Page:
Advanced Computing in the Age of AI | Thursday, February 29, 2024

AI Job Postings Drop, Applicants in Short Supply 

The AI boom may be peaking—at least for developers and the companies seeking to hire them. The slowdown reflects misgivings about how the technology may be applied as well the lag time in training new AI developers.

According to the job site, growth in AI job postings has slowed dramatically after several boom years. Postings on the employment site rose 29.1 percent over the last year. By contrast, AI job openings jumped 136 percent in the year ending in May 2017 and 57.9 percent last year.

At the same time, developer interest also has tailed off. The placement firm said searches for AI-related jobs decreased by 14.5 percent though May. The previous two years showed healthy gains in job queries. “This year’s drop suggests there could be more open jobs than qualified workers to fill them,” the firm said in a blog postreleasing its annual report. “Much of tomorrow’s AI workforce may still be in school or awaiting training.”

Despite the slowdown, machine learning and deep learning attracted the most interest from recruits, followed by data scientists and computer vision engineering. Relatively high average salary was one reason.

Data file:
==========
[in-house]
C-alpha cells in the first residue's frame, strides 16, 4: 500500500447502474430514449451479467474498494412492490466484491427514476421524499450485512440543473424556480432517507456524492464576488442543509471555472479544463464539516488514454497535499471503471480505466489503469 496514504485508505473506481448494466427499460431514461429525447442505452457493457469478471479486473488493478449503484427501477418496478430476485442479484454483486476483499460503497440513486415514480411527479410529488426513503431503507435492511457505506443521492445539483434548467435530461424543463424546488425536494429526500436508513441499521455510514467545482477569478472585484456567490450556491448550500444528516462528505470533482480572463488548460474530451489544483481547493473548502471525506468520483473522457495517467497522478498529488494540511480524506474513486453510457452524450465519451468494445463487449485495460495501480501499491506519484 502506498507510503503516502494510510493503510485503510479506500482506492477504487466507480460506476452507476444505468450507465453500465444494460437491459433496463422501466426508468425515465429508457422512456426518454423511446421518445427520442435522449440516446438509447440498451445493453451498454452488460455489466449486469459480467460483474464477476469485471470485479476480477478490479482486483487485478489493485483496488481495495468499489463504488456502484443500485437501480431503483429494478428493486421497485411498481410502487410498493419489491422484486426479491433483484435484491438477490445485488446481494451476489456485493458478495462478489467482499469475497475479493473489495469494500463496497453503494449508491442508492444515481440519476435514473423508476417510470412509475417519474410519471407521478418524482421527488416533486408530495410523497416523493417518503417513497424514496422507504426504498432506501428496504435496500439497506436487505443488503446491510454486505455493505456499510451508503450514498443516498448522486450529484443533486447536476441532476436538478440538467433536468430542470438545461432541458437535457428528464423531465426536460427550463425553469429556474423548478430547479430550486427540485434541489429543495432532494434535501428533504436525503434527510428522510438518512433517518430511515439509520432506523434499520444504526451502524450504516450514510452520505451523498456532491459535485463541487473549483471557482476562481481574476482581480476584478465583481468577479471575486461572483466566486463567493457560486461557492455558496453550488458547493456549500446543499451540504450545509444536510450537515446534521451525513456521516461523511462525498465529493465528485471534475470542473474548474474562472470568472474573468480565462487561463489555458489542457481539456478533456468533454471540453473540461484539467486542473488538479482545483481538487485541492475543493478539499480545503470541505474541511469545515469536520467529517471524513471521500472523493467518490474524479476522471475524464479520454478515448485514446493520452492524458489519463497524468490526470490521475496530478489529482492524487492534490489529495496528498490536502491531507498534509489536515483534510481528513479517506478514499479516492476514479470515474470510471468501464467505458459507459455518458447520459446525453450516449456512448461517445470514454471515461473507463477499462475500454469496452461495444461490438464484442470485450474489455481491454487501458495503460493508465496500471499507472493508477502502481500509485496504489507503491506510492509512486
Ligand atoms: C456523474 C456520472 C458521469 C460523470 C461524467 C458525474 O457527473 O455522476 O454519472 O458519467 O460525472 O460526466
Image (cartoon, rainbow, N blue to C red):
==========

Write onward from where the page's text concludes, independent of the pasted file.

While the category machine learning engineer was defined as “the closest thing to a ‘pure’ AI job,” the workforce survey found that the management position “Director of Analytics” registered the highest annual average salary: $140,837. Annual salary for machine learning engineers averaged about $134,500.

Despite dominating nearly every other region, Silicon Valley technology hubs trailed New York City as a hotspot for AI development. Listings in the Big Apple accounted for 11.6 percent of jobs posting, followed by San Francisco (9.6 percent) and San Jose (9.2 percent), the study found. The financial services sector centered on Wall Street has been an early adopter of AI technologies, and the report notes that New York has attracted many AI-related startups while large West Coast technology companies such as Amazon (NASDAQ: AMZN), Facebook (NASDAQ: FB) and Google (NASDAQ: GOOGL) also have a significant East Coast presence.

The report notes apprehension about the misapplication of AI technology along with growing concerns about bias and the implications of expanding automation for the U.S. workforce. For example, the job survey cites a recent study by the Pew Research Center that found 72 percent of Americans are worried about automation replacing workers.

Either way, the AI survey concludes, “AI is expected to grow and evolve into a common workplace tool.”

About the author: George Leopold

George Leopold has written about science and technology for more than 30 years, focusing on electronics and aerospace technology. He previously served as executive editor of Electronic Engineering Times. Leopold is the author of "Calculated Risk: The Supersonic Life and Times of Gus Grissom" (Purdue University Press, 2016).